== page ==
Having spent some time working in the 7,000ha of cropland, I've made the transition to the vast mass of cattle which are situated here in Goonoo and make up the feedlot segment of this amazing place. The weeks seem to roll into one another as yet again the scale, the machines and the day-to-day running of such a large operation never ceases to amaze me.
The stock total in Goonoo is approximately 30,000. This staggering total encompasses cattle in the feedlot, in transition cells and cattle grazing grass and alternative forage. The predominant breed in Goonoo is Wagyu. This breed is originally from Japan.
Wagyus are genetically predisposed to intense marbling and produce a high proportion of unsaturated fat as part of their carcase breakdown. They are also popular due to their quiet temperament, easing calving and high fertility levels. Their resistance to bovine respiratory disease is of particular importance in feedlot production systems.
From breeding station to feedlot
At Goonoo, no cattle are actually bred on site. Breeding takes place at other AACo stations, primarily in the Northern Territory. Goonoo and Aronui are the two feedlots, both situated in Queensland, which finish the majority of the stock bred from those station setups.
A large proportion of the feedlot are crossbred Wagyus. The aim is to finish this class of cattle within 300 days on site, with a daily live-weight gain of approximately 1kg. This equates roughly to a 700kg liveweight carcase and an approximate 400kg dead-weight carcase at the desired 57% kill-out.
The desired slaughter age from the feedlot is between 18 months and two years. However, purebred Wagyus are finished on a 500-day ration in order to maximise marbling.
In the first stage in the process to slaughter at Goonoo, all stock are inducted before entering the feedlot. Any animal under 380kg will not enter the feedlot but return to cell pens (outdoor feeding areas) or alternative forage until at the desired weight. Any animals due to enter the feedlot are weighed, vaccinated, ear-tagged, DNA tested and their mouth formation recorded.
Pen riding is carried out every morning for a number of hours. Workers check all pens on horseback. All animals are scoured, and ensured to be in good health. Any sick or lame animals are removed from normal to hospital pens for treatment.
Ration tracked by computer
The feeding regime for the vast number of cattle as one can imagine is extremely large in scale. There are six main ration compositions being fed according to pen requirement and stage of production.
The cattle are fed twice daily, 40% in the morning and 60% in the afternoon. The first feed is dropped by three feed trucks at 8.45am every day, aiming to be finished feeding by 3.30pm. These are essentially trucks with diet feeders as the body of the truck.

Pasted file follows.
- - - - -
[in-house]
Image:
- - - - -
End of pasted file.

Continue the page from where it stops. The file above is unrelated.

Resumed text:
Every kilo of feed from loader to truck to pen is accounted for using an internal computer programme. This ensures the correct ration and ration quantity is given daily to the desired pen.
Despite being located only two hours from Rockhampton, the beef capital of Australia, no stock from Goonoo are processed there. Rockhampton caters largely for Brahman-type animals which are indicative of the region at large. Bigger, stronger Wagyu animals cannot be processed in the same facility.
AACo also have their own processing facility in Darwin in the Northern Territory. However, this is an extremely long journey from Goonoo. Instead, all finished stock at Goonoo are killed in a factory located ten hours to the south.
It is called a "custom kill", whereby AACo retains ownership of the meat despite using an alternative processing facility. This allows the company to market the beef independently.
Wagyu beef must have a minimum of 8ml of fat surrounding any primer, and a maximum of 25ml. In the factory, each Wagyu is given a marbling score from one to nine. This differs greatly to Ireland where farmers are penalised for over-fat animals, reflecting breed, market and consumer differences.
Renowned for its intense marbling and flavour, Wagyu beef commands a price premium and this is reflected in the markets it serves. Traditional Asian markets such as Japan, Korea and China continue to purchase Wagyu beef, but new markets such as Singapore and the USA have also began to buy this meat. High-end restaurants in cities such as London, Tokyo, Singapore and Hong Kong are also purchasers of this product.
Time to leave
My time in Goonoo is soon drawing to a close. From the moment I set foot off the propeller plane in Emerald, the landscape, the wildlife and the agriculture here has been a completely new and exciting experience for me.
In terms of Irish agriculture, it has become obvious to me that we can never compete with our Australian counterparts in terms of scale. The vast areas populated by roaming cattle, the hectares upon hectares of crops and the seismic scale of this feedlot emphasise our need as Irish producers to focus on quality over quantity.
I will depart from Goonoo shortly, but I know that when I look back on this experience in years to come, a flood of positive memories will flow back to me. Through all the workers in Goonoo and by immersing myself in the scale of central Queensland, I have an entirely new outlook on agriculture.
I know this experience will stand me in good stead in my pursuit of a career in the agricultural industry.
James Meade is an agricultural science student at UCD and travels on the professional work experience programme supported by the Irish Farmers Journal and the Agricultural Science Association.